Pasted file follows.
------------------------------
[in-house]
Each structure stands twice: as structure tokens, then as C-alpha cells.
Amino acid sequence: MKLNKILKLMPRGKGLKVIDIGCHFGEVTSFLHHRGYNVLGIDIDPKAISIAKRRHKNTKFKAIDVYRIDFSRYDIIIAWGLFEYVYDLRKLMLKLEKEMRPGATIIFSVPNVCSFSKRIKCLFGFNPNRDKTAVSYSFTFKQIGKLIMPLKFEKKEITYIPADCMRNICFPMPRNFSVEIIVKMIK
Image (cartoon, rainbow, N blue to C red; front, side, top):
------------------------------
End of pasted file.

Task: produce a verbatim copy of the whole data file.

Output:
[in-house]
Each structure stands twice: as structure tokens, then as C-alpha cells.
Amino acid sequence: MKLNKILKLMPRGKGLKVIDIGCHFGEVTSFLHHRGYNVLGIDIDPKAISIAKRRHKNTKFKAIDVYRIDFSRYDIIIAWGLFEYVYDLRKLMLKLEKEMRPGATIIFSVPNVCSFSKRIKCLFGFNPNRDKTAVSYSFTFKQIGKLIMPLKFEKKEITYIPADCMRNICFPMPRNFSVEIIVKMIK
Image (cartoon, rainbow, N blue to C red; front, side, top):